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Anubhavinchu Raja review: Raj Tarun back to form in a paisa vasool rural entertainer

Director Sreenu Gavireddy's command over issues unique to the rural landscape lends authenticity to the storytelling

  • Srivathsan Nadadhur

  • OTTplay

Last Updated: 10.04 AM, Nov 26, 2021

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Bangarraju, born in a family of rich landlords, loses his loved ones to a ghastly accident at a young age. His grandfather's only advice to him on his deathbed is to live life to the fullest rather than focusing on accumulation of wealth. The youngster stays true to his grandfather's word ever since and never compromises on his pleasures. A few years down the line, he's put behind bars. When freed, he takes up a job as a security guard. He gradually falls in love with a software employee Shruti, who has no clue of his past. What's Bangarraju hiding from her?


Though every actor aspires to be versatile and pull off roles across various genres, they inevitably have a comfort zone that they get back to, whenever in need. Rural entertainers are that comfort zone for Raj Tarun and he uses it as a trump card with Anubhavinchu Raja, to gather momentum to his career graph. It's a tailormade script designed to exploit his potential, just at the right time in his career. 

Raj Tarun finds the sweet spot in his second collaboration with director Sreenu Gavireddy (he had earlier directed him in Seethamma Andaalu Ramayya Sithralu) whose story packages an engaging potpourri of rural politics, humour, romance and action. The storytelling is straightforward, focused and the comedy is situational, surprisingly clean and relatable. The director is clear on what sets out to tell and remains in control of the proceedings.

Small-towns across Telugu states are full of tales where rich landlords drown their ancestral wealth for trivial pleasures. The lead character Bangarraju is one such - orphaned at an early age, who aimlessly goes about his life, literally not knowing what to do with all his wealth. How does he turn a security guard all of a sudden and what forces him to land in jail? The story keeps you hooked with several twists and turns.

The underdog avatar of Raj Tarun as a security guard makes for an interesting watch and the director infuses humour into the setting while the character goes through his daily routine. His on-screen camaraderie with Sudarshan, Posani help the sequences come alive effortlessly. Though the idea of a security guard and a software employee falling in love seems outlandish to begin with, the elastic, thankfully, isn't stretched too much.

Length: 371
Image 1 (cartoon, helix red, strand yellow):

No mainstream film misses out on an opportunity to come up with a good interval bang and Anubhavinchu Raja gets that right. The story shifts to the rural setting in the latter hour and Sreenu Gavireddy's firm understanding of small-town eccentricities, sentiments, sarcasm and rural politics benefits the film immensely. The sequences around the rooster fights are hilarious in particular.

Ajay, Aadukalam Naren and a good bunch of sidekicks make their presence felt in the rural setting and deliver what's expected of them. Needless to say, Raj Tarun is in terrific form in a loud, flashy character with misplaced priorities. The character has a few shades of grey and the actor handles its psychological transformation with composure and maturity. 

Stories around panchayat elections in villages may not be new to Telugu cinema. Bangarraju does everything to become a sarpanch but a tragic event changes his life beyond repair. The story tricks you about a culprit that Bangarraju's character is after and the climax does offer a mild surprise. Anubhavinchu Raja is an apt title for the story revolving around a character who takes time to understand what 'anubhavinchadam' truly means. 

Kashish Khan looks confident, assured in her debut. Television Ravi Krishna impresses in a brief but crucial role. The likes of Temper Vamsi, Aadharsh Balakrishna, Ariyana are passable in minor parts. It's Aadukalam Naren's presence that adds another layer of depth and authenticity to the story, while Ajay means business while he lasts. 

Gopi Sundar's album and background hits all the right notes and doubles the energy in the ambience. Cinematographer Nagesh Banell gets an opportunity to showcase his versatility in handling two different visual backdrops. If there are a few people the film couldn't have done without, it's Raj Tarun and the one-film old director Sreenu Gavireddy. The film rides on their shoulders and the duo does everything to ensure that the outing remains entertaining and doesn't lose track of the plot. 


Anubhavinchu Raja may not be pathbreaking or offer anything out of the box, but is a paisa vasool entertainer that delivers a bang for your buck. It was about time that Raj Tarun hit form again and he does a fine job in an entertaining script that milks his potential. The supporting cast comprising Aadukalam Naren, Ajay, Sudharshan is efficient. A good family watch this!

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